By Dave Coulter
I’ll admit that I have been casting about for topics to write about during this inter-seasonal limbo we’re in. Oh, let’s be honest. That’s just an excuse for laziness. In truth, I try to keep a running log of potential subjects at hand for times just like this. I could have easily consulted said list - and written something chatty about tomatoes - but I think a suitable subject finally presented itself.
I almost titled this piece, “How So Much Nature Writing is Rubbish” but that’s a bit harsh, and I really don’t believe it anyway. So rather than dissect this further I’ll just jump in. It all started with a nature essay I started to read the other day. I didn’t finish it. But I did skim it, and I believe I was correct to sidestep it. The non-fiction piece was written by a man who ventured on a kayak trip, and encountered native peoples, etc. It was one of those from the Deep Thoughts school of nature essays, which I’m getting increasingly impatient with.
(I should stop right here and note that I have certainly stumbled into that school as well. I should also note the possibility that maybe I’m getting impatient with my own writing. Aren’t you glad you’re reading this blog today?) Anyway, I’m not going to pick on the author. In fact, I should tip my cap to him for getting attention and getting his work in print. I’ve learned that I like my nature writing the way I like my Olympics on television: which means please, just give me the event, not the whole life story of what the athlete did to get into the race.
But back to the kayak-y essay. Maybe I should know better than to ask this question but does anyone alive today not know that North American indigenous cultures were wiped out by five centuries of immigration from everywhere else? I mean, what are we supposed to do with this knowledge? And what do I care that some guy is getting misty-eyed at the sight of a 21st century teepee as he paddles around in his 21st century kayak?
Haven’t we all come to learn that we’re all from somewhere else anyway? What the heck does indigenous mean anymore? I was here first, and therefore have a superior claim to the Earth Wisdom of This Place? Oy vey.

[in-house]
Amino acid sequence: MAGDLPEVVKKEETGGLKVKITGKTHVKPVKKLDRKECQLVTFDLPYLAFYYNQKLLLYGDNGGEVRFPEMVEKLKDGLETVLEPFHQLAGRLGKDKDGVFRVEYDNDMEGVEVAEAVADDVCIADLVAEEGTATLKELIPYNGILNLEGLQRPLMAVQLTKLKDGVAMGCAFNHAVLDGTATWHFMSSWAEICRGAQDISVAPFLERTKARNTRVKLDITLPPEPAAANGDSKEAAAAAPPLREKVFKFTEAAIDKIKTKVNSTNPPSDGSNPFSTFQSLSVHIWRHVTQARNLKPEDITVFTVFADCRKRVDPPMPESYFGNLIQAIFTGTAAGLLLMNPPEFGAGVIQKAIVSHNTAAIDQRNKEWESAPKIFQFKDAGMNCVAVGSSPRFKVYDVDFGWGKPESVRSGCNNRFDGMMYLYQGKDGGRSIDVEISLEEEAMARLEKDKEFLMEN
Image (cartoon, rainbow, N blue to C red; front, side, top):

But also last week I read another nature essay that gave me hope for the art form. It was an old article written by the biologist E.O. Wilson, and it was about ants. More to the point, it was about how some species of ants kidnap and enslave other species. Sounds boring, but not with E.O. Wilson behind the pen. He’s a scientist, and the story is documented with a minimum of Deep Thought moments. The tale is fascinating all by itself. Wilson, who is more than capable of deep thinking, lets the ants do the talking.
Speaking of nature, big-scale nature that is, there was a big earthquake and big tsunami late last week in Japan. Don’t think it doesn’t occur to me how picayune the preceding complaints are in the wake of such destruction. If that all wasn’t enough, the Japanese now have a handful of nuclear power plants that are twitchy, or worse. If we learned anything from Chernobyl, we learned that the radioactivity emitted in these moments tend to become a global concern. As I type this the U.S. Navy has pulled it’s ships a tad further away from the Japanese coast. (Now there’s a group that surely knows a little something about avoiding radiation).
This tragedy, still unfolding, will renew the debate about nuclear energy once again. Debate is a good thing. James Lovelock, the creator of the Gaia theory of ecology - and a scientist who feels we’ve already pretty much lost the global warming battle - is a fan of nuclear energy. He has posited that in spite of whatever casualties may occur from potential nuclear accidents society is probably safer in the long run rather than continuing to depend on the carbon-based energy sources.
In that spirit I will hope that future indigenous peoples will rely on their innate Earth Wisdom and not locate new nuke plants so close to Mother Earth's active fault lines. Alternative energy forms are looking better all the time. And the twenty-first century meets the 1970’s.
Civilization exists by geological consent, subject to change without notice. - Will Durant
Answer Book 2017
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